THE DEFENSE OF COMPARATIVE CRIMINAL LIABILITY
OF THE PERPETRATORS' LIABILITY
In the earlier chapters of this book, my goal was to explore and formulate a general principle - that the victim's conduct can change the balance of rights and responsibilities between the victim and the perpetrator, and as a result, mitigate or eliminate the perpetrator's liability. Yet this general principle may not be translated into a criminal defense unless a more particular question is addressed: assuming the victim was instrumental in producing his own injury, how shall we compare his involvement with that of the perpetrator's, and to what extent shall we reduce the perpetrator's liability? To answer this question, one needs to weigh numerous factors, such as the magnitude of the affected rights of the perpetrator and the victim; the respective causative roles played by the perpetrator and the victim; and their relative culpability (including the nature of their conduct, the knowledge possessed by the participants, their individual capacities to avoid harm, the significance and value of purposes sought by their activities, the foreseeability and magnitude of the risk, and other factors).1 Depending on the specifics of each case, different considerations may be more or less important.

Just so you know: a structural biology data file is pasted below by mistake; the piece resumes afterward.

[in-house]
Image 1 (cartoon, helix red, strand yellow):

The “rights” question involves two inquiries: does the law recognize the affected rights of the perpetrator and the victim, and what is the comparative value assigned by the law to those rights? For example, I have a legally protected right not to be slapped on the face. This right, like any right to bodily